Dr. Amanda Barkley-Levenson has accepted a position as an Assistant Professor in the Department of Pharmaceutical Sciences at the University of New Mexico Health Sciences Center and will be starting in 2022. Her lab will work on understanding the genetic basis of alcohol use disorder and excessive drinking by translating novel hits from human GWAS into mouse models for comprehensive follow-up and validation.
Gabe Barrero joined the Palmer lab in November 2021 as an information system analyst with a Bachelor of arts in Biology. He is passionate about data science and its application in international development. In his free time Gabe enjoys Brazilian Jiu Jitsu, Muay Thai, biking, cooking and ice cream.
The article, “Evaluation of Delay Discounting as a Transdiagnostic Research Domain Criteria Indicator in 1388 General Community Adults” has been accepted for publication in Psychological Medicine. Drs. Abraham Palmer and Sandra Sanchez-Roige are co-authors along with several others. Congratulations!
Final citation: Levitt, E. E., Oshri, A., Amlung, M., Ray, L.A., Sanchez-Roige, S., Palmer, A.A., & MacKillop, J. (in press) Evaluation of Delay Discounting as a Transdiagnostic Research Domain Criteria Indicator in 1388 General Community Adults. Psychological Medicine.
The article, “Polygenic transcriptome risk scores (PTRS) can improve portability of polygenic risk scores across ancestries”, has recently been accepted for publication in Genome Biology. This study explores the use of polygenic transcriptome risk scores (PTRS) to improve the prediction of transcriptomic data in underrepresented populations. Dr. Abraham Palmer and several others coauthored this article. See the article here. Congratulations, Dr. Palmer!
The article, “Genes identified in rodent studies of alcohol intake are enriched for heritability of human substance use”, has been accepted for publication in Alcoholism: Clinical and Experimental Research. This article discusses the use of GeneWeaver to enrich rodent alcohol & nicotine gene-sets for heritability of substance use traits in humans. Dr. Abraham Palmer and several others coauthored this article. See article here. Congratulations!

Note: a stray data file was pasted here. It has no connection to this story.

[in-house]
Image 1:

The 7th Annual Retreat for the NIDA Center for GWAS in Outbred Rats was held on 11/4/2021. Investigators from the P50 Center, as well as PIs of the grants affiliated with the Center, gave short talks about their projects, followed by discussion. A closed advisory board meeting was held the following day.
Master’s Student Elizabeth Alcantara was recently awarded the BrightSpinnaker Fellowship. This fellowship is awarded to students who demonstrate a commitment to community service and provides funding for the master’s program at UCSD.
The article, “Analysis of independent cohorts of outbred CFW mice reveals novel loci for behavioral and physiological traits and identifies factors determining reproducibility“, has been accepted for publication in G3. This study identifies the factors that impact reproducibility of GWAS studies in mice and demonstrates methods to obtain robust results from mapping complex traits in GWAS studies.
Elizabeth Alcantara joined the Palmer Lab in December of 2020 as an undergraduate volunteer and recently graduated from UCSD with a B.S in Neurobiology. She has recently been admitted to the UCSD BS/MS program and is now a Graduate Student Researcher in the lab. She will be focusing her work on investigating the relationship between Glo1 and drug addiction. In her free time, she enjoys eating out and trying new foods, reading, binge watching shows, and playing with her two cats.